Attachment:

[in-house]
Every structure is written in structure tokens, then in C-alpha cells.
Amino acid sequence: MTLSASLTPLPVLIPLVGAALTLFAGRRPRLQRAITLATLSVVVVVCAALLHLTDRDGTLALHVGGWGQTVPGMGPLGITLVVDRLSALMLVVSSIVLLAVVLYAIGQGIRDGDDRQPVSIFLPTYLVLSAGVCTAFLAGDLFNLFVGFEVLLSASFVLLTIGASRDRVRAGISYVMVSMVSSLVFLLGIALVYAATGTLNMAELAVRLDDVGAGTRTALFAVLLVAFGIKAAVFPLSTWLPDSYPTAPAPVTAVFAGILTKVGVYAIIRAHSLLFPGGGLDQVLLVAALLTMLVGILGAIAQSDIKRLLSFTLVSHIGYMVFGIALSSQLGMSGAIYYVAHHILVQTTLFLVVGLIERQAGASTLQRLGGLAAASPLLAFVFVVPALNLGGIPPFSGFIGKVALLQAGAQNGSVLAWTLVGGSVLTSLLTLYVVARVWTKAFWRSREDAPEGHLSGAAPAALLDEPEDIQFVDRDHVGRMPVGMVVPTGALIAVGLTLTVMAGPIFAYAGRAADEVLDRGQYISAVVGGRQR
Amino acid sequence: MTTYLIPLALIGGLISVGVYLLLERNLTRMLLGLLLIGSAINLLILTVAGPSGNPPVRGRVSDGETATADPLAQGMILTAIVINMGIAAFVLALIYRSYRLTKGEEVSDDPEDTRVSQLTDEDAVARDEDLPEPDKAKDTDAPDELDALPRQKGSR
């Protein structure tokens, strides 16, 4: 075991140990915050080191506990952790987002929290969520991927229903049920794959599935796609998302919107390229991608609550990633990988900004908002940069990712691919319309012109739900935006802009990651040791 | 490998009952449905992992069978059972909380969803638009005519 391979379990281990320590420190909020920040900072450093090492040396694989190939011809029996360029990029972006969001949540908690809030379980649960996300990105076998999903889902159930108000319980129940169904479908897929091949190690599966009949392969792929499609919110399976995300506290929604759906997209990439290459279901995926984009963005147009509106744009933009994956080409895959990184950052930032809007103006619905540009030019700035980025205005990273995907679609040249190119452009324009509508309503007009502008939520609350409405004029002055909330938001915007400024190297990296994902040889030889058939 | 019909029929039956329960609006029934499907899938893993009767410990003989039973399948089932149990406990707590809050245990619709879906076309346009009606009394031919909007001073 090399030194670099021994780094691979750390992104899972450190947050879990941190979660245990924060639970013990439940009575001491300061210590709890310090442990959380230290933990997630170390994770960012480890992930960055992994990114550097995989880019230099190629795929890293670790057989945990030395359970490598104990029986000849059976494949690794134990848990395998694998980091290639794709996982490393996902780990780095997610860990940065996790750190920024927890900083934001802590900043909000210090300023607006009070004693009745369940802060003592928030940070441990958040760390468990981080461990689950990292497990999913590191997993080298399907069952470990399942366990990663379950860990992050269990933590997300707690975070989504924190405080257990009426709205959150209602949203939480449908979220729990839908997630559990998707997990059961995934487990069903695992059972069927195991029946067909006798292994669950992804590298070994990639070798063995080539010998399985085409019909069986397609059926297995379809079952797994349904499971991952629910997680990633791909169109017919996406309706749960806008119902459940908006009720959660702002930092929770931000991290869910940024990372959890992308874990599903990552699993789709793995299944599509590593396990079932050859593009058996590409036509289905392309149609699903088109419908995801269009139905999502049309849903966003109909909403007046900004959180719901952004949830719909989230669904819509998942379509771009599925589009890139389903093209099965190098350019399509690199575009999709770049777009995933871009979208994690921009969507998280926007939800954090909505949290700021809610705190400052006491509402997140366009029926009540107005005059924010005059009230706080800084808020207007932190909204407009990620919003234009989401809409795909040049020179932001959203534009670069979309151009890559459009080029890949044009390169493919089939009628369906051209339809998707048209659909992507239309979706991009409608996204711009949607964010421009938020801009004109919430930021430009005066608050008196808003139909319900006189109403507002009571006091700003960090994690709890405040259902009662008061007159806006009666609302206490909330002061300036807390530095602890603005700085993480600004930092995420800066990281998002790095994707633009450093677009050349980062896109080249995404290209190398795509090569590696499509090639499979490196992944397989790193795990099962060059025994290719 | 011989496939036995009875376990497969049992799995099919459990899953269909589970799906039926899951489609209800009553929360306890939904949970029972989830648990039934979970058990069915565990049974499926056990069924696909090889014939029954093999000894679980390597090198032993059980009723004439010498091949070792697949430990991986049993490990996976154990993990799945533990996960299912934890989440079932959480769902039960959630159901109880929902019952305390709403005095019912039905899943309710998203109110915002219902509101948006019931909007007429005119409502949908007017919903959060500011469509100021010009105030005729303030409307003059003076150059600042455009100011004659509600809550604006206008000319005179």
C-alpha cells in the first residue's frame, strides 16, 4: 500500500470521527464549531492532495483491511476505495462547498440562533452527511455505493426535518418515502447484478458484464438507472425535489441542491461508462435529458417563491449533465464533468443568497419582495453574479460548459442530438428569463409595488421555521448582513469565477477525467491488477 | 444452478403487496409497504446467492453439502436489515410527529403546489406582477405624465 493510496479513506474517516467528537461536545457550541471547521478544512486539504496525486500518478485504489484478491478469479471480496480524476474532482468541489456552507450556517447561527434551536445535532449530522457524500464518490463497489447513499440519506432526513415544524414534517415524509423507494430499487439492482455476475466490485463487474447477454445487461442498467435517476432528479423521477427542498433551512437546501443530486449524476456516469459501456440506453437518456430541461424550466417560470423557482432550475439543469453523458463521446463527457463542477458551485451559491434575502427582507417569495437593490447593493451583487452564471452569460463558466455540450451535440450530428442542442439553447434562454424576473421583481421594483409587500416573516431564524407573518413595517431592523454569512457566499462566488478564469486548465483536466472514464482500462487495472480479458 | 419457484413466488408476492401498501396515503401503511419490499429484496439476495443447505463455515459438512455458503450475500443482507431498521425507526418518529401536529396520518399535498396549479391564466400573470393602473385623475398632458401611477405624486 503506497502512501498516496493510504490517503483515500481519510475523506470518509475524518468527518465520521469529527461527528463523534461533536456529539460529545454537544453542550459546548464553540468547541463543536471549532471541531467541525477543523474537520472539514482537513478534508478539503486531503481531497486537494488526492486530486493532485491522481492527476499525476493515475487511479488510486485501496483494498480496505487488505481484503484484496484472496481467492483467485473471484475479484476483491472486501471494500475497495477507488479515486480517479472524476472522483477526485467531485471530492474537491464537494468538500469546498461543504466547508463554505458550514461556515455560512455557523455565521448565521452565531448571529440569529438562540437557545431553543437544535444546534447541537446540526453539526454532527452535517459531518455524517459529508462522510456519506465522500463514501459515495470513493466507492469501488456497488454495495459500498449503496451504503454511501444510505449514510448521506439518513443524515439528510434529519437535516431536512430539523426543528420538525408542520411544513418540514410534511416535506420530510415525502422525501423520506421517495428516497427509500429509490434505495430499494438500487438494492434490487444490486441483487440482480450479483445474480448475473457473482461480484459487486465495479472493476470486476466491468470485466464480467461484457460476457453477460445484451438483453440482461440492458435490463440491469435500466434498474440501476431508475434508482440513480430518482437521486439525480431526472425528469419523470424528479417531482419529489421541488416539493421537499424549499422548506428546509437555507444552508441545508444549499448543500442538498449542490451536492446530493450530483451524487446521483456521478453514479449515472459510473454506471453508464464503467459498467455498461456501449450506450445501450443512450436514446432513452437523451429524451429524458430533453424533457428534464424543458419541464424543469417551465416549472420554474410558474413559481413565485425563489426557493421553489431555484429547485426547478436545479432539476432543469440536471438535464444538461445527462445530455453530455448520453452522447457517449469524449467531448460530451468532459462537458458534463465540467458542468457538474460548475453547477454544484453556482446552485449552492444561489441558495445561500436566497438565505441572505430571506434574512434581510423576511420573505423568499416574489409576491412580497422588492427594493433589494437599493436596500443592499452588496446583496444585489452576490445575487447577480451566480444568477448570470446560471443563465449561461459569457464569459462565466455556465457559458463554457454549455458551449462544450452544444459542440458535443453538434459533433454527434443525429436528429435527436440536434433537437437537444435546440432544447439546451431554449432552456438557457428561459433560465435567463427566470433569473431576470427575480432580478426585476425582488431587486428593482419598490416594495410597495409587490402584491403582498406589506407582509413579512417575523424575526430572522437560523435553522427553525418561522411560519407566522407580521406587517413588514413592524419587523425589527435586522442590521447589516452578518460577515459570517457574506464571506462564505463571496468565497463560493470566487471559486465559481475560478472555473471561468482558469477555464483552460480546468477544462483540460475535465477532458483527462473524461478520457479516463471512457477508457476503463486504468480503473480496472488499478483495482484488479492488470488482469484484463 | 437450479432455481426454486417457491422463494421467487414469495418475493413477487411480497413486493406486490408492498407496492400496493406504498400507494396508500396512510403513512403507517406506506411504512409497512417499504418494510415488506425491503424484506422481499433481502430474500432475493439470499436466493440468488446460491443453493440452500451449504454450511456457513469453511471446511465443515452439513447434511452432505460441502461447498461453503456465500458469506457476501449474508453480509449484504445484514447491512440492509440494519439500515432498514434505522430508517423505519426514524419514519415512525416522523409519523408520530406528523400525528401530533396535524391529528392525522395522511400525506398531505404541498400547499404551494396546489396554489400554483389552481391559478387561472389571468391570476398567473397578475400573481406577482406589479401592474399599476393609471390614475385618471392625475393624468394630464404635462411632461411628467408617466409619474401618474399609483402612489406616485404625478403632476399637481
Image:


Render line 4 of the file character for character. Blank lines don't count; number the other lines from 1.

Amino acid sequence: MTTYLIPLALIGGLISVGVYLLLERNLTRMLLGLLLIGSAINLLILTVAGPSGNPPVRGRVSDGETATADPLAQGMILTAIVINMGIAAFVLALIYRSYRLTKGEEVSDDPEDTRVSQLTDEDAVARDEDLPEPDKAKDTDAPDELDALPRQKGSR